Plot 2D graph improved

The “Graph in 2D” feature introduced in May 2017 is being improved gradually, and is now able to do much more than its simple name implies : let’s have a look at this amazing feature for student !

[instead of illustrating this blog post with simplistic curves (linear curves, parabolas and hyperbolas…), I choose emblematic curves, and mentioned the name of the mathematicians having discovered or studied them : enjoy this journey into the world of Mathematics !]

Simple curves

Obviously, you can plot the curve of an equation with unknowns x and y, in a Cartesian coordinate system.

And not only equation written such as y = f ( x ) :

animation avec une courbe simple, insérée dans la note
Equilateral clover (also called “trisectrice de Longchamps”, studied by G. de Longchamps in 1884)

You may even insert the graph on your note after resizing the plot area if necessary. The pasted graph is not interactive.


Curve with parameters

More useful, you can add parameters to your equation, in order to change the proportions of the curve :

Equation avec trois paramètres
Bernoulli lemniscate (studied by Jacques Bernoulli in1694 and Fagnano in 1750).

Multiples curves

You may also plot several curves on the same graph, providing you group them with a bracket.
(This feature may be the one announced in May 2018, but I found its description “Graph of multiple functions” and accompanying illustration a bit confusing…)

Well, better have a look at my own illustration in the tweet below :

Please note that :
– the legend may be exhibited moving the cursor over the “i” symbol,
– the color of the curves in the graph do not match those of the inked equation.

LIRE AUSSI  Plot a 2D Graph

Also, I tried to plot both equations above (clover and lemniscate) but it didn’t worked : OneNote didn’t offer any option, except ink to math…


Agnesi’s Cubic (curve studied by Pierre de Fermat in 1630, Guido Grandi in 1703 and then by Maria Gaetana Agnesi in 1748), also called versiera (= devil in Italian) or Cauchy bell.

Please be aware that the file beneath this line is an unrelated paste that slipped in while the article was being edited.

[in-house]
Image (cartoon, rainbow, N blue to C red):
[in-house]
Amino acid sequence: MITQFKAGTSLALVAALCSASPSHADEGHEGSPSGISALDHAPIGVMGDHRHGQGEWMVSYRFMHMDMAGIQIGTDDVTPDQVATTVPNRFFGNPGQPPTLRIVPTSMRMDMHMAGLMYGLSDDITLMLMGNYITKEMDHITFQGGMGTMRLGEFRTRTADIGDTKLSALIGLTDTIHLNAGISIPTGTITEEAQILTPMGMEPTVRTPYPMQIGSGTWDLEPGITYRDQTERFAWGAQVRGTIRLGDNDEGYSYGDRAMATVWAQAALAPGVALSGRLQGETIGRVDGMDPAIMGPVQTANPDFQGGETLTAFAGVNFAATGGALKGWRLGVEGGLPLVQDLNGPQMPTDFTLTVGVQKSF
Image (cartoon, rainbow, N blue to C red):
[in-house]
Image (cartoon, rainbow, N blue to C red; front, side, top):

Nevertheless, you can’t combine both features above (multiple curves and inequalities), as illustrated in this tweet :



The announcement earlier in May stating that OneNote may support functions, puzzled me…

Announcement in May 2018 : what’s new in OneNote for Windows 10

In fact, it seems that Microsoft was simply announcing support for multiple equations plotted in the same graph, as illustrated in the previous section.

And I am not merely quibbling about wording (function or equation ?) : as a matter of fact, experimenting with the same equation written in similar ways (equation & function), I noticed that OneNote makes a confusion with the f in f ( x ) , believing it’s a parameter…

Indeed, writing fx instead of f ( x ), you’ll get the same result.

So, what’s the purpose of the new command “Graph both sides in 2D” ?



The only usage I can think of, is to show the intercept of two equations (one on each side of the equal sign) :

Moving the mouse over one curve or the other, the coordinates are shown, but there’s no anchor (or magnet) to reach easily the intercept.


Key features

Finally, OneNote may sometimes mention the key features of your equation such as minima, maxima, intercepts, asymptotes, inflexion points, range, domain… and show them on the graph.



Sometimes though, OneNote is not able to plot an equation :

Quadruple tore algebrique représenté dans Geogebra
Quadruple algebraic torus in Geogebra & OneNote


Now it’s your turn to share your nicest curves !


Reference : All curves illustrating my blog post were found on Mathcurve.

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